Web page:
for Mrs. Stewart, and give case, to which I shall not Please to bring with you
"If you come hither through Edinburgh, send from me another guinea for the letter in the old be satisfied with my claim till she gives it me. Baxter's Anacreon; and if you procure heads of Hector Boece, the historian,
1 Who had written him a very kind letter.
2 Mr. Boswell does not give us his letter, to which this is an answer; but it is clear that he expressed some too sanguine hopes of preferment from Mr. Pitt, whose favour, as we have just seen, he had endeavoured to propitiate.-C.
and Arthur Johnston, the poet, I will put them in my room; or any other of the fathers of Scottish literature.
"I wish you an easy and happy journey and hope I need not tell you that you will be welcome to, dear Sir, your, &c., SAM. JOHNSON."
I wrote to him, March 28, from York, informing him that I had a high gratification in the triumph of monarchical principles over aristocratical influence, in that great county, in an address to the king; that I was thus far on my way to him, but that news of the dissolution of parliament having arrived, I was to hasten back to my own county, where I had carried an address to his majesty by a great majority, and had some intention of being a candidate to represent the county in parliament.
TO JAMES BOSWELL, ESQ.
"London, March 30, 1784. "Dear Sir,-You could do nothing so proper as to hasten back when you found the parliament dissolved. With the influence which your address must have gained you, it may reasonably be expected that your presence will be of importance, and your activity of effect.
"Your solicitude for me gives me that pleasure which every man feels from the kindness of such a friend; and it is with delight I relieve it by telling that Dr. Brocklesby's account is true, and that I am, by the blessing of God, wonderfully relieved.
"You are entering upon a transaction which requires much prudence. You must endeavour to oppose without exasperating; to practise temporary hostility, without producing enemies for life. This is, perhaps, hard to be done; yet it has been done by many, and seems most likely to be effected by opposing merely upon general principles, without descending to personal or particular censures or objections. One thing I must enjoin you, which is seldom observed in the conduct of elections; I must entreat you to be scrupulous in the use of strong liquors. One night's drunkenness may defeat the labours of forty days well employed. Be firm, but not clamorous; be active, but not malicious; and you may form such an interest, as may not only exalt yourself, but dignify your family.
"We are, as you may suppose, all busy here. Mr. Fox resolutely stands for Westminster, and his friends say will carry the election.' However that be, he will certainly have a seat. Mr. Hoole has just told me, that the city leans towards the king.
1 Mr. Fox was returned for Westminster, after a sharp contest and tedious scrutiny.-C. VOL. IV. 15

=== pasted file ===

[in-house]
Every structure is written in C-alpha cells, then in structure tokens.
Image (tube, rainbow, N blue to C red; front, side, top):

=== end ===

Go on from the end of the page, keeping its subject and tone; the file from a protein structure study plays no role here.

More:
"Let me hear, from time to time, how you are employed, and what progress you make. Make dear Mrs. Boswell, and all the young Boswells, the sincere compliments of, Sir, your affectionate humble servant, &c.
To Mr. Langton he wrote with that cordiality which was suitable to the long friendship which had subsisted between him and that gentleman.
TO BENNET LANGTON, ESQ.
"March 27. Since you left me I have continued, in my own opinion, and in Dr. Brocklesby's, to grow better, with respect to all my formidable and dangerous distempers; though to a body battered and shaken as mine has lately been, it is to be feared that weak attacks may be sometimes mischievous. I have indeed, by standing carelessly at an open window, got a very troublesome cough, which it has been necessary to appease by opium, in larger quantities than I like to take, and I have not found it give way so readily as I expected; its obstinacy, however, seems at last disposed to submit to the remedy, and I know not whether I should then have a right to complain of any morbid sensation. My asthma, is, I am afraid, constitutional and incurable; but it is only occasional, and, unless it be excited by labour or by cold, gives me no molestation, nor does it lay very close siege to life; for Sir John Floyer, whom the physical race consider as author of one of the best books upon it, panted on to ninety, as was supposed. And why were we content with supposing a fact so interesting of a man so conspicuous? Because he corrupted, at perhaps seventy or eighty, the register, that he might pass for younger than he was. He was not much less than eighty, when to a man of rank, who modestly asked his age, he answered, 'Go look;' though he was in general a man of civility and elegance. The ladies, I find, are at your house all well, except Miss Langton, who will probably soon recover her health by light suppers. Let her eat at dinner as she will, but not take a full stomach to bed. Pay my sincere respects to my dear Miss Langton in Lincolnshire; let her know that I mean not to break our league of friendship, and that I have a set of Lives for her, when I have the means of sending it."